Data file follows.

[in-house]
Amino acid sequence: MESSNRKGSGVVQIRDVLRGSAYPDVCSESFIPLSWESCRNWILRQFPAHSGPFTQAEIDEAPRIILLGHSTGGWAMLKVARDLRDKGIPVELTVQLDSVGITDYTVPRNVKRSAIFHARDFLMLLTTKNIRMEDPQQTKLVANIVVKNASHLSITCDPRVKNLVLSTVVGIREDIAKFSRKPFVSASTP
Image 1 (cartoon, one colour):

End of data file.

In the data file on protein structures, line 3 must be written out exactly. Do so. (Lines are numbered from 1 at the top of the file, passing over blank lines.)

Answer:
Image 1 (cartoon, one colour):